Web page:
20201020 Seizures and confiscations.

Tuesday, 20 October, 2020 – 06:31

Good morning. I seem to be having some difficulty working out how long a month is, as it seems that my last monthly newsletter was on 25th August. That’s as close to two months ago as no matter.

In that two months, much has happened in the world and a lot of it has a direct, or indirect, impact on the world of financial crime risk and compliance.

We’ve seen across the world a significant number of seizures at customs of an extraordinary array of items. Of course, there’s the usual cigarettes, real and counterfeit, and the same with alcohol. But there still seems little done to stem the flow of counterfeit goods except those relating to medical, or para-medical supplies such as facemasks and the like.

Some of the confiscated goods are real but attempts were made to evade taxes, some are poor quality but not technically illegally sub-standard because, often, standards are not documented or, even, lack precision.

The trade in wildlife and its parts is heavily in the news but captures at borders are not as common as one might imagine.

But the most impressive change is in relation to the capture of drugs and cash. Here, it’s not the small-time mules that raise interest but the bulk movements of both. You’ve got to be a bit simple to imagine that it’s going to be easy to carry almost GBP2 million in five suitcase into Dubai. But that’s what a woman whose luggage was identified as suspicious during scanning at London’s Heathrow airport. She is being charged with money laundering.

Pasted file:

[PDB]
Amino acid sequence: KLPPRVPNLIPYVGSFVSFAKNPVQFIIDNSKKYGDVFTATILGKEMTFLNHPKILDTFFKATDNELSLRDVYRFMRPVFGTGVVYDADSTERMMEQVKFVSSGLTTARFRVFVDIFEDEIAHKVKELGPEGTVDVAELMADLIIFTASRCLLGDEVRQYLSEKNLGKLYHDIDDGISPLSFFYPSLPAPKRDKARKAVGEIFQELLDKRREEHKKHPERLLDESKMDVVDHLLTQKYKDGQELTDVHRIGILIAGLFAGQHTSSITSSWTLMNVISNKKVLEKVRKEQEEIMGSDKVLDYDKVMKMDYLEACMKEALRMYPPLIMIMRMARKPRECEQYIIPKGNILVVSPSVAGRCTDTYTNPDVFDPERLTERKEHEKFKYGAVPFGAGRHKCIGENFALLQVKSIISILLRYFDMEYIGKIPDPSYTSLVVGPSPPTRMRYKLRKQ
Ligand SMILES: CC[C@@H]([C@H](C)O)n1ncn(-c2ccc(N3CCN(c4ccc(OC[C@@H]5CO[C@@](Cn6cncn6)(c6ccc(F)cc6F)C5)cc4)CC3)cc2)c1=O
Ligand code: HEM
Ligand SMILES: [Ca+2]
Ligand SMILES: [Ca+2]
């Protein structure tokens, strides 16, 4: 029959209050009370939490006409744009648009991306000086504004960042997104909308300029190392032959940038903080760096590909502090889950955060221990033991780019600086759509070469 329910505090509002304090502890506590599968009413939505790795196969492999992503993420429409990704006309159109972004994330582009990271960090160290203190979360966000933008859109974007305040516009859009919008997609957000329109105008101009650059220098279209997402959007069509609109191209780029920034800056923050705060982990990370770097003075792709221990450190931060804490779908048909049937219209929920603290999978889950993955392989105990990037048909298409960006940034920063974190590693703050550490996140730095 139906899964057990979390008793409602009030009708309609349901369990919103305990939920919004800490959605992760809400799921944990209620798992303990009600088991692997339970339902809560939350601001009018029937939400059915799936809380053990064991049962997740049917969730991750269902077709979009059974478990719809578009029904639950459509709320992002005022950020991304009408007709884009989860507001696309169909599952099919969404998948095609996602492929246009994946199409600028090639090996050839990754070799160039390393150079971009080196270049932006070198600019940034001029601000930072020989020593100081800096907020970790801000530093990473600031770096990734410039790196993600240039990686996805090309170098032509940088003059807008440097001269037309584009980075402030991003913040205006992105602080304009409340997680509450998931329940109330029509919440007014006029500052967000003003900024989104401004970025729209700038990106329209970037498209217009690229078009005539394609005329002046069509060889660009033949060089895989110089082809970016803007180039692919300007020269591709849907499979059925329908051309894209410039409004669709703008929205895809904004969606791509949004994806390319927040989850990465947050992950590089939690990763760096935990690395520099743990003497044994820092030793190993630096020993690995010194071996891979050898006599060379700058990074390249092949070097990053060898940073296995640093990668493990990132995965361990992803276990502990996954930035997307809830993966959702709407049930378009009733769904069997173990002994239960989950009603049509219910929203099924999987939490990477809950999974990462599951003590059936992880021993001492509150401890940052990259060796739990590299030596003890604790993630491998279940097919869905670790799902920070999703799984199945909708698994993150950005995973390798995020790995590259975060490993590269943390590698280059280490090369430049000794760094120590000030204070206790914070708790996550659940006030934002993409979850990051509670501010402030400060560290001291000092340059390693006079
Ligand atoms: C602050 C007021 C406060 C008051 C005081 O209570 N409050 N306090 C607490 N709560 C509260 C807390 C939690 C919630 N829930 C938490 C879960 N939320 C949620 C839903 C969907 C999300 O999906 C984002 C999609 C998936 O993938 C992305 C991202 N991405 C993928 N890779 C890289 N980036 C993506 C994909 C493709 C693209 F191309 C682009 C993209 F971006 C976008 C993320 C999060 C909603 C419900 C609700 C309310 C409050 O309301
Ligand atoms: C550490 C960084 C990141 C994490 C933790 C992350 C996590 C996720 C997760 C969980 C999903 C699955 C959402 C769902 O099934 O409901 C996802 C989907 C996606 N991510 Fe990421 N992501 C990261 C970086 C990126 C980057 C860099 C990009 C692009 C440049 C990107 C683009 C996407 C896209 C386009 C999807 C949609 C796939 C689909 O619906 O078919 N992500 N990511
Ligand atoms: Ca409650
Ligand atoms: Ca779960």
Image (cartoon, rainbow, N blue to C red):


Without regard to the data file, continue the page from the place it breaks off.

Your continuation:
It is said that one reason that such seizures are becoming more common is because the volume of shipped goods is reducing and so they stand out more. But that’s not entirely so.. private shipments, i.e. not in cargo or by courier, feature heavily.

But there seems to be injustice, too. A woman travelling from Paris with an alligator-skin handbag arranged the necessary CITES certificate before leaving France. On arrival in Australia, the AUD14,000 bag was confiscated because she had not obtained a second CITES certificate relating to Australia. It was reported that the bag was to be destroyed.

That is patently silly.

Why has CITES not created a centralised, ideally blockchain-based, register that items can be recorded on and simply scanned on exit from and entry to countries? A durable tag can be attached at manufacturing stage or added later. Duplicate stickers could be applied to passports or their covers. It’s a very easy thing to do and it only needs to be done once and the register updated on transfer of ownership. The neat thing is that it could also be used to combat counterfeiting and the use of such items as tokens in money laundering.

So, readers at CITES and at the many customs departments who subscribe to this newsletter – why not do that?